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Re: Performance Monitoring

From: joel garry <>
Date: Wed, 26 Sep 2007 13:54:08 -0700
Message-ID: <>

On Sep 26, 1:41 am, Stefan Wetter <> wrote:
> Hello NG!
> I'm pretty new to this theme. My task is, at the moment, to improve the
> performance of a database of one of our customers.
> I monitored the database-activity with the help of some tools and find
> pretty much DISK-IO (read). I think that should be lower. To the same
> time, the buffers are only filled half.
> I think i should find out, wich tables cause the physical reads (, to
> examine which process does need them to optimize the clients if necessary.
> If not, i would change the storage clauses of that tables to use another
> part of the buffers.)
> So, my question at this time is: how can i find out which tables (or
> maybe indexes) cause the disk-io?
> Thank you very much in advance!
> Stefan

  1. Read Concepts manual.
  2. Understand that most performance issues come from application issues. For example, if some silly SQL reads an entire table to get a few rows, you wil likely have a lot of unnecessary I/O that won't fill up the SGA.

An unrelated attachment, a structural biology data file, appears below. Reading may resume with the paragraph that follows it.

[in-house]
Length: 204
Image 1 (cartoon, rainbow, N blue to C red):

3. Read the Performance manual.
  4. Understand the optimizer. It can only use the information it is given. If the statistics it uses are wrong, non-existent, or skewed in a manner the optimizer doesn't know about, it can choose a silly plan for accessing the data. Sometimes a full table scan is not silly.
  5. Understand what plans are and how to use them to understand 4.
  6. Understand what statspack (or other tools such as Jerome mentioned) can tell you.
  7. Understand when, how and why to use tracing.
  8. Understand what waits are and how to evaluate them.
  9. Read and work through books and articles by Jonathan Lewis, Tom Kyte, and Cary Milsap. (And I still like Lawson's book for the basic how-to-dba implicit in your question, though it is out of date now).
  10. Understand why rules of thumb can be a bad idea for improving the database of customers.
  11. Understand that tools based strictly on Oracle can be a bit misleading from a systems standpoint, and systems tools can be misleading from Oracle's viewpoint. Simply knowing you have a lot of reads does not mean anything is wrong, after all, what is a database going to be used for? A proper tuning methodology will figure out what critical bottlenecks are, and what to do about them.
  12. Understand the basics. For example, if you have sequential writeintensive archive writing interfering with random reads and writes for undo and everything else, thrashing a SAN cache, you probably have a configuration problem. If you have multiple users accessing data, you need to understand how Oracle handles the issues involved.
  13. Create clear metrics for performance improvement.
  14. Read Concepts manual.
  15. Iterate.

Welcome to the group! See


-- is bogus.
Received on Wed Sep 26 2007 - 15:54:08 CDT

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